We need to revamp how we classify drugs, especially drugs used in mental health and psychiatry. There is so much talk about fighting stigma in mental health diseases and I think changing how we label these medications will help.
The most common classifications of medication in psychiatry include: antipsychotics, antidepressants, anti-anxiolytics and mood stabilizers. These names give a false sense that antipsychotics are only prescribed for psychosis, antidepressants are for depression, anti-anxiolytics are for anxiety and mood stabilizer is for people with mood lability.
In fact, many of these medications are used beyond these indications and so the way we classify them is misleading and outdated. Many antidepressants such as amitriptyline, duloxetine nowadays are used for neuropathic pain, to help with anxiety and in some cases, refractory migraine. Antipsychotics such as quetiapine or aripiprazole are increasingly used for resistant depression, in people with bipolar disorders and so it’s not only for people with psychosis. Likewise, mood stabilizers such as lithium can be used in refractory depression as part of augmentation therapy and many anti-seizure drugs such as carbamazepine or gabapentine are used to manage mood or neuropathic pain.
Many times I struggle to clearly explain how medications are used in different mental health conditions. It may be confusing to the patient when I explain the amitriptyline is for her migraine when all she can read from the internet is that it is an antidepressant. Or when I try to explain the antipsychotic is to help with mood when the outpour of internet knowledge points to psychosis or schizophrenia.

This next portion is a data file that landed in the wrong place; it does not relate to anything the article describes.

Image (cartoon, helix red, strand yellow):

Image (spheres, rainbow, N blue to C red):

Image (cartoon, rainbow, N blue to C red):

In fact, they are all neurochemical modulators. When we have different mental health conditions or other neurological conditions such as seizure, pain or migraine, there is an imbalance of neurochemicals in our brain such as serotonin, norepinephrine and dopamine. So all of these medications aim to restore some balances in the neurochemistry. I know this is a very simplified way of explaining how these medications work but it’s sufficient for day to day patient education.
So why don’t we just ditch our current classification and label all of them as neurochemical modulators. This broad term will allow health care professionals to provide specific information based on the patient’s individual clinical conditions or diagnosis. I think it will help to minimize the stigma and hopefully improve adherence.